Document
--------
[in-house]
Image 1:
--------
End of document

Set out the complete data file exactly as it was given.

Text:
[in-house]
Image 1: